Too many sequels, too low stakes. Its just a fish. It’s pretty much Charlie Moore fishing with fewer Dropkick Murphys. Roy Schneider probably got fish rash from the fish in the movie. That’ll really ruin your weekend.

Celebrities At ‘Catch Me If You Can’ Press Conference

Phil’s Five Up

1. Catch Me If You Can (2002)

The cast for this movie is insane. Starring Leondaro DiCaprio and Tom Hanks, this flick also features Amy Adams, Christopher Walken, Jennifer Garner, Elizabeth Banks and Martin Sheen, among many others. All that star power would mean nothing without a strong, wll-constructed story. This period piece biopic centered on forger Frank Abagnale has all of that and that’s why its Spielberg’s best.

2. Jurassic Park (1993)

Somehow, the effects in this movie still look pretty great all these years later. In addition, the amount of intensity Spielberg is able to squeeze out of the scene when the raptors are searching the kitchen is incredible. That scene still takes my breath away. Add in the fact that dinosaurs are featured prominently and you’ve got yourself a science fiction masterpiece.

3. Saving Private Ryan (1998)

Did you know Vin Diesel was in this movie? He plays Private Caparzo, who gets shot by a sniper when the group of soldiers we follow goes through a small town in France. This was three years before the first The Fast and the Furious. That’s wild.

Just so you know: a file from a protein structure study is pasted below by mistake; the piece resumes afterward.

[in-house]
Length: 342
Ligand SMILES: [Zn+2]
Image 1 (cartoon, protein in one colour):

4. Hook (1991)

How does this have a 29 percent on Rotten Tomatoes?! That is an outrage. This is the best live-action rendition of the Peter Pan story. I still want to figure out just what that neon colored paste was that the Lost Boys eat during the food fight. RUFIO, RUFIO, RU FEE OOOOOOOO! RIP, sweet prince.

5. Raiders of the Lost Ark (1981)

Harrison Ford has a lot of iconic roles. Indiana Jones is either No. 1 or No. 2, with Han Solo the other. This rollicking adventure has humor, exciting action and Nazis getting their faces melted off. In other words, it has everything.

‘Ready Player One’ European Premiere - Red Carpet Arrivals Photo by Jeff Spicer/Getty Images

Phil’s Five Down

As always, in descending order.

5. E.T. (1982)

This is a beloved film, I know, but the portion of the movie where E.T. is dying and the government brings in all those tents and stuff scarred me permanently.

4. War of the Worlds (2005)

At the end everyone is just fine? Including the annoying son, Robbie? No, sir. That is a bad ending.

3. Indiana Jones and the Kingdom of the Crystal Skull (2008)

I really enjoyed that Karen Allen returned as Marion Ravenwood, but the aliens twist at the end was cringe-worthy.

2. The Adventures of Tintin (2011)

Some of the animation was cool, but this just didn’t have the heart I was hoping for.

1. Ready Player One (2018)

Exposition: The Movie.


Disagree with us? Let us know in the comments, on Twitter or via a FanPost. Also, if you want us to rank something specific next week, let us know.